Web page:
All the heavens seem to twinkle
With a crystalline delight;
Keeping time, time, time,
In a sort of Runic rhyme,
To the tintinnabulation that so musically wells
From the bells, bells, bells, bells,
Bells, bells, bells –
From the jingling and the tinkling of the bells.

II

Hear the mellow wedding bells –
Golden bells!
What a world of happiness their harmony foretells!
Through the balmy air of night
How they ring out their delight!
From the molten-golden notes,
And all in tune,
What a liquid ditty floats
To the turtle-dove that listens, while she gloats
On the moon!
Oh, from out the sounding cells
What a gush of euphony voluminously wells!
How it swells!
How it dwells
On the Future! -how it tells
Of the rapture that impels
To the swinging and the ringing
Of the bells, bells, bells,
Of the bells, bells, bells, bells,
Bells, bells, bells –
To the rhyming and the chiming of the bells!

III

Hear the loud alarum bells –
Brazen bells!
What a tale of terror, now, their turbulency tells!
In the startled ear of night
How they scream out their affright!
Too much horrified to speak,
They can only shriek, shriek,
Out of tune,
In a clamorous appealing to the mercy of the fire,
In a mad expostulation with the deaf and frantic fire,
Leaping higher, higher, higher,
With a desperate desire,
And a resolute endeavor
Now -now to sit or never,
By the side of the pale-faced moon.
Oh, the bells, bells, bells!
What a tale their terror tells
Of despair!
How they clang, and clash, and roar!
What a horror they outpour
On the bosom of the palpitating air!
Yet the ear it fully knows,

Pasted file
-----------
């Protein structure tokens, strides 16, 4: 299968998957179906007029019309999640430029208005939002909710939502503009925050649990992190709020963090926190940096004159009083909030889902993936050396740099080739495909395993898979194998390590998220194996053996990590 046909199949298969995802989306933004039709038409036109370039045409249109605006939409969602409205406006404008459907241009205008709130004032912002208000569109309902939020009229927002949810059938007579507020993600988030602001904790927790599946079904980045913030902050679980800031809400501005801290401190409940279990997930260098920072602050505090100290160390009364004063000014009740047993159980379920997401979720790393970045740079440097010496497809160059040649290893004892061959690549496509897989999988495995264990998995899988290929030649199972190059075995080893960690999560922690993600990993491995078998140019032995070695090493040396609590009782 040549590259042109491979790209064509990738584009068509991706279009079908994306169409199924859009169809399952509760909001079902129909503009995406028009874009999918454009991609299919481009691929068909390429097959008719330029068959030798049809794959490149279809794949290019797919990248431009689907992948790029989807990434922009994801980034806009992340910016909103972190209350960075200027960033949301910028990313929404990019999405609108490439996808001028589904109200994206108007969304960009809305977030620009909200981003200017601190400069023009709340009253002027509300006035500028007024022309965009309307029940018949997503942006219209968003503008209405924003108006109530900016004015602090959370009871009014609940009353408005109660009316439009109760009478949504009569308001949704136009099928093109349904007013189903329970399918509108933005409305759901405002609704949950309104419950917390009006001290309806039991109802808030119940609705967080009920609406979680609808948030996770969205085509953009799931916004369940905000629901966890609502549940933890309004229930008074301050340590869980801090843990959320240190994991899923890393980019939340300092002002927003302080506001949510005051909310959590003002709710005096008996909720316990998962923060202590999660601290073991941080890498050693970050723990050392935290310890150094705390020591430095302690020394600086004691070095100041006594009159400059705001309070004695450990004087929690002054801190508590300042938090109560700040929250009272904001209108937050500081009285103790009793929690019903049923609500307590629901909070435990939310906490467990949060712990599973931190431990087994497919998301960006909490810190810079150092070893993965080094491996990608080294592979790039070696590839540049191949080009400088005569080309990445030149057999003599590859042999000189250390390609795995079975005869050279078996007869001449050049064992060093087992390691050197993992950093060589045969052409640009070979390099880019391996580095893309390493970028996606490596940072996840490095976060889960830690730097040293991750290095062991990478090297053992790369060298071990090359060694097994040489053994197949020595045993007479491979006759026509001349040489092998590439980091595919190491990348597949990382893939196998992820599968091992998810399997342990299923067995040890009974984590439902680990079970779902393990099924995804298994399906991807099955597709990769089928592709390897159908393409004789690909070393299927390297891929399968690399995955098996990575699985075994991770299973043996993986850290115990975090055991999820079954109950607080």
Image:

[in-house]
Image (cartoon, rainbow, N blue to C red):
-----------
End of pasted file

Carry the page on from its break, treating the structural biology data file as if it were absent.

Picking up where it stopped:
By the twanging
And the clanging,
How the danger ebbs and flows;
Yet the ear distinctly tells,
In the jangling
And the wrangling,
How the danger sinks and swells,
By the sinking or the swelling in the anger of the bells –
Of the bells,
Of the bells, bells, bells, bells,
Bells, bells, bells –
In the clamor and the clangor of the bells!

IV

Hear the tolling of the bells –
Iron bells!
What a world of solemn thought their monody compels!
In the silence of the night,
How we shiver with affright
At the melancholy menace of their tone!
For every sound that floats
From the rust within their throats
Is a groan.
And the people -ah, the people –
They that dwell up in the steeple,
All alone,
And who tolling, tolling, tolling,
In that muffled monotone,
Feel a glory in so rolling
On the human heart a stone –
They are neither man nor woman –
They are neither brute nor human –
They are Ghouls:
And their king it is who tolls;
And he rolls, rolls, rolls,
Rolls
A paean from the bells!
And his merry bosom swells
With the paean of the bells!
And he dances, and he yells;
Keeping time, time, time,
In a sort of Runic rhyme,
To the paean of the bells,
Of the bells –
Keeping time, time, time,
In a sort of Runic rhyme,
To the throbbing of the bells,
Of the bells, bells, bells –
To the sobbing of the bells;
Keeping time, time, time,
As he knells, knells, knells,
In a happy Runic rhyme,
To the rolling of the bells,
Of the bells, bells, bells –
To the tolling of the bells,
Of the bells, bells, bells, bells,
Bells, bells, bells –
To the moaning and the groaning of the bells.